RE: Project Star Net

Tony Belding (
Mon, 27 Apr 1998 17:08:18 -0600

Anders Sandberg <> wrote:

AS> Why just one? I assume the energy needed for interstellar
AS> communication would be relatively manageable if it is properly
AS> collimated (no need for Forward's wonderful megascale lasers needed
AS> for fast interstellar solar sailing), so even if there are scale
AS> factors making it economic to have large transmittors there is likely
AS> no reason to have just one. The same goes for receivers.

What about signal interference? I assume we have limited EM bandwidth to work
with. You probably can't directionally distinguish signals from two stations
at interstellar distances. So, I reckon the most efficient way is to have one
directional transmitter and receiver for each adjacent node your station is
linked to.

AS> Bandwidth, error correction and receipts will be important
AS> here. Assume a human mind takes around 10^15 bytes - that will require
AS> a quite large bandwidth.

Indeed so. But I'm not sure how much EM bandwidth we have to work with, in
practical terms. This could be important to know, in terms of predicting what
sort of capacity the network will have. Potential investors would want to
know what sort of return to expect on their investment, for example.

AS> I have started writing up a nanotech seed for this purpose, I have a
AS> (not very finished or well planned) draft at

Thanks, I will check that out!

AS> Maybe we could develop the draft together, hopefully with useful
AS> input from the list?

That sounds good to me.

TB>> * What types of star systems should be candidates for
TB>> establishing nodes?

AS> Why not every system? There are likely asteroids everywhere, and extra
AS> capacity is likely a good idea.

There may be practical obstacles. I would not jump to the assumption that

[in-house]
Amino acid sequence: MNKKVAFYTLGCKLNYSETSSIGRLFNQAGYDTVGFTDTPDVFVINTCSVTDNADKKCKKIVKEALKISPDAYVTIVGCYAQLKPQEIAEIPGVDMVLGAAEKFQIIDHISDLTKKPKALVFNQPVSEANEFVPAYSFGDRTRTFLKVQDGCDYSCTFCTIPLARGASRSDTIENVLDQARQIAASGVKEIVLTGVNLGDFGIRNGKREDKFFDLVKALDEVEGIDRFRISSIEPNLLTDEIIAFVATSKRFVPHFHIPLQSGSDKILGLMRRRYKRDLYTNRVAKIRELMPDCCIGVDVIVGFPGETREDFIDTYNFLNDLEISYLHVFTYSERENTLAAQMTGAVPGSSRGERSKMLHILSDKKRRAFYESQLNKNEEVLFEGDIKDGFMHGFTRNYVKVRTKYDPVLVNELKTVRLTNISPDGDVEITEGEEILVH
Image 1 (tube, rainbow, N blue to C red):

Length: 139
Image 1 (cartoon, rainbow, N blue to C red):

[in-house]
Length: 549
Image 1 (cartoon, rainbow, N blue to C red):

asteroids are everywhere. Our own solar system resembled a demolition derby
in its early history, but that might not be typical at all.

As many as 80% of all stars are part of multiple star systems. The orbital
mechanics that are possible in these systems are rather mysterious. Nobody
knows if those systems can contain asteroids or planets at all -- and even if
they do, the orbits might be so eccentric that establishing a station and
keeping it running would be impractical.

Finally, a large majority of stars (I forget the exact statistic) are brown
dwarfs that may represent dark, cold, energy-starved planetary systems where
operations would be limited, and hardly anyone would want to visit anyhow.
These are really what I was thinking about when I asked the question. You've
got all these zillions of "dark stars" that are hard to even detect and don't
seem like they have much to offer.

AS> My communications technology knowledge is limited, but I would guess
AS> we want short wavelengths for maximum bandwidth (drawback: requires
AS> more energy to send than long wavelengths). Lasers sound fine to me.

Lasers? Can you distinguish the signal from the glare of the star that your
transmitter is orbiting? You said something about signal/noise ratios, but
the star itself could be the biggest source of noise around.

AS> I think the Internet model works fine: make it easy to connect, you
AS> only pay for your node in the network which both gives you access and
AS> acts as a part others can use.

I don't understand at all what you're saying here. Pay for your node? What